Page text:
Statements such as "kills 99.9% of germs" that are often seen on various products are considered antimicrobial claims. If you are making this type of claim, stating your device kills, reduces, mitigates or repels pests, including microorganisms, your product is considered a germicidal device and therefore subject to U.S. regulations. This presentation discusses how to determine which requirements apply to your device, such as differing between medical and non-medical products, and chemical and non-chemical pesticide devices.
Claims involving germicidal devices almost always require testing to support those claims. An overview of the typical germicidal test process is presented and different variables that affect testing are explored. Viral testing will be looked at in depth, using real test examples from Intertek's virology lab to help illustrate how different types of viruses greatly affect the length and complexity of testing. Finally, a look into test results and how to decipher the kill or reduction rate from the number of colony or plaque forming units, and what these terms mean, will be discussed.
- Determine which germicidal claim regulations apply to products marketed in the U.S.
- Understand variables involved in microbial testing for germicidal products
- Learn to interpret your antimicrobial test results
Danielle Melaragno is a chief engineer at Intertek, with technical oversight of microbiological, chemical and sanitation performance and certification programs within the electrical business line. She earned a B.S. in chemistry from Ohio University and began at Intertek 10 years ago doing microbial and sanitation testing. Since then she has developed and implemented many of the test methods within these areas, traveling around the world for projects, training and auditing. She led the transition into a biosafety level 2 lab, developed Intertek's ETL material compliance program and has recently been involved with the virology and aerolization chamber expansions in the Columbus, Ohio, lab, where she currently sits.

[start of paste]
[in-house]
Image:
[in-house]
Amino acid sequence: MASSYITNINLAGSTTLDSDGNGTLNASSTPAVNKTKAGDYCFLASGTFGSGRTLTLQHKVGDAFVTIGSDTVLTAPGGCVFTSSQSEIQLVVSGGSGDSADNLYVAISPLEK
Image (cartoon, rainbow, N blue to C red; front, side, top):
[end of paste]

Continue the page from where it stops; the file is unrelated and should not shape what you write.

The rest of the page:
Fatai Oladunni is a virology scientist at Intertek, with eight months of testing experience specific to microbial efficacy testing. He earned his Ph.D in virology from the University of Kentucky, where he studied animal herpesviruses. He also has postdoctoral experience from the University of Rochester and Texas Biomedical Research Institute, focusing on human flu and COVID-19 viruses, before joining Intertek.